Is there any hope of reversing ‘Brixit’, the mass exodus of retailers from the brick-n-mortar space? A quick glance paints a gloomy picture. In 2018, more than 3,800 brick-and-mortar stores closed in the U.S. Among those throwing in the towels were brands that permanently went out of business. They’re now ancient history.
E-commerce, meanwhile, is surging, grabbing increasingly larger chunks of the marketing resource pie. This directional shift seems fully warranted by the soaring online retail numbers juxtaposed against the dismal physical store figures. A closer look, however, reveals something surprising in the making.
Online behemoths such as Amazon are beginning to sink more and more investment dollars into – what?! – physical stores. No, this isn’t a misprint. Amazon and counterparts are funding brick-n-mortar versions of their online selves. How can this be? Isn’t the physical store a relic?
Not according to many digital heavyweights. As they see it, real-world shopping still appeals. Part of it is social, and the other part, practical. How do you slip into a pair of fashion sweats online?
So, in one respect, nothing has changed. People still crave the store. What has changed, however, is consumer expectations. Thanks to online convenience, shoppers demand snap results, whether that means instant order fulfillment or on-demand info. Thus, physical stores must adapt the rapid-response model and re-invent the experience to match the modern shopper.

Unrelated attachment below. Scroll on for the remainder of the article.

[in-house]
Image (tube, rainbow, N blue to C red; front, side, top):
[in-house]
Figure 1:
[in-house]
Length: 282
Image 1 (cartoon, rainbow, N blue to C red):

Amazon and other e-commerce champs are leading the way. Consider, for instance, their prioritization of data delivery. In the ‘new’ store, info-access is instant. Got questions about a clothing style? In nanoseconds, you’ll know its availability, suggested alternatives, etc. -- information not generally at the fingertips of the average retail associate. Eliminated will be time-consuming calls to the manager and frustrating waits.
AI technology will power the bulk of the info-ready store. And it will link to a shopper’s smart devices for added speed and convenience.
How brand marketers will respond to this coming change is anybody’s guess. Just when you thought the world made a permanent move to the digital front, along come disrupters like Amazon to change the game again. Clearly, marketers must adapt to capitalize on the emerging opportunities. To a certain extent, it’s back to brick-n-mortar.
Doubters need only consider the popular thinking when television was proposed – the ancient brick-n-mortar movie theaters would be gone in a few years. Still waiting. Yes, some things just need to be re-invented.
If you have questions or comments about retail marketing, or about any other brand-related topic, feel free to send them our way.